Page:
Kevin Kelly's blog post, 'The Soul of Apple', explains something I've been trying to put my finger on for a while.
He points out an irony most of us have missed...
"This week something unusual happened. At the very same time that tens of thousands of ordinary citizens were camping out in New York, Washington, and Seattle to protest corporate greed, and the capitalistic wealth of the very rich, a similar number of ordinary citizens were depositing flowers and spiritual offerings at the corporate stores of the wealthiest company in the world (with earnings larger than most countries), in memory of one of the richest people in the world, the late Steve Jobs. Why would a billionaire elicit such affection and love during this moment of fierce dissatisfaction with global capitalism?"
In all of the complaints (well, ongoing monotonous whines) about 'class warfare' and 'soak the rich' and 'hatred of the rich', Steve Jobs death has evoked outpouring of emotion reserved for precious few. There were those of us who were stunned, in a haunting sort of way, as if someone we actually knew and had recently spoken to had died. And Jobs was rich - 'insanely' rich.
Steven Jobs was worth an estimated $5 billion. Yet no one picketed his house. No protesters were outside of Apple headquarters. As far as I know, no one called him names. That company, which Jobs founded, from which he was fired and to which he came back, is worth an estimated $300 billion. But no one talks about Apple's culture of corruption, or uses Apple as an example of why capitalism needs to be overhauled or abolished.
But Kelly's post answers the question 'why', at least to my satisfaction.
Steve Jobs and Apple are an example of what is right about capitalism. People were moved because, however he did it, Jobs provided us with something which made many of our lives better...all over the world. The iPhone, the iPad, the iPod, the MacPro and the iTune Store, have all become staples of a well connected life. Apple and Jobs essentially rendered every other producer of computer technology, whether lap top, desk top, smart phone or tablet, a variation of its theme. We all understand instinctively how much better we think our lives are because of Jobs' work. We made him rich beyond our wildest dreams and when he died last week, it was clear that we didn't begrudge him a penny. Jobs was the quintessential corporate citizen in the classic sense: he used his product to enhance the well being of his fellow man.
Jobs didn't flaunt his wealth. I'm sure there was a corporate jet somewhere. Perhaps there was more than one home. But his lack of ostentation made us think of him as accessible. And we waited breathlessly for each new iteration of his creative genius. I remember when I couldn't wait to upgrade my iPhone 3G to the 3GS and within weeks the iPhone 4 was introduced (I won't make that mistake this time). Somehow what the phone could do was made to feel almost indispensable. The iPad, allowed us to work, communicate, create or recreate virtually anywhere, nearly replacing the lap top. The computer in all of its versions was really personal, and Jobs was responsible.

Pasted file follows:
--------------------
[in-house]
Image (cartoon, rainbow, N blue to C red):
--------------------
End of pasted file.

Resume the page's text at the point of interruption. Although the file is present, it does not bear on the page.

Now, I don't mean to suggest that Jobs, Apple or its products are perfect. But everyone who is able to use a computer or a smart phone knows why he or she thinks that it benefits them. It's an answer they hold in their hand and can point to and no matter what anyone thinks of the cost, the owner doesn't feel ripped off.
What does that have to do with the thousands occupying Wall Street? And other government and financial centers?
They are protesting a system that, by and large, doesn't make them feel like...well, like Apple does. The economy collapsed. It was, no matter what anyone else says, due to greed. It wasn't the greed of poor people. It was the greed of rich people, playing on the greed of people who wanted to be rich. There were people who concocted a 'Ponzi scheme' if you will. Where mortgages were bundled, broken up, sold off, bet on and billions made by those who did the buying and selling. Those who bought the houses, did so with tricked up mortgages. People were encouraged to buy more home (or homes) than they could afford. The people who were supposed to be watching, weren't. The people who should have known better, didn't or didn't care. Homes were lost. And then jobs. Credit tightened. Loans dried up. The banks which made and bought and sold those mortgages were in trouble. The banks got bailed out; first by Bush, then by Obama. And now that recession is over, the country sits on mountains of debt. But the banks sit on mountains of cash. So do corporations. Banks won't lend. Companies won't hire, because they are...uncertain.
The people who are protesting are also uncertain. Uncertain about where they can find jobs. Or uncertain about student loans. Uncertain about the value of any education at all. Uncertain as to whether or not they can buy or keep a house. Uncertain about the money they have in the bank. They are the ones who have been told time and time again, that the uncertainty of the government, of the banks, of the corporations trumps their uncertainty. Banks have to be 'certain' the loan will be repaid. Corporations have to be 'certain' their stock holders will make money, their executives will get their bonuses. Politicians have to be 'certain' they'll get re-elected. They all need to be 'certain' that none of the economic collapse in which nearly all of them have colluded will cause them to end up in jail.
Kelly's post made me understand the outpouring of sympathy, admiration and deep gratitude for Steven Jobs: he never made us uncertain...we always knew that whatever he produced would make us feel as if our lives had been made better.
The OccupyWall Street protesters, are spreading word of their movement with the very technology that Steven Jobs made possible. It's no wonder Wall Street doesn't get it...yet.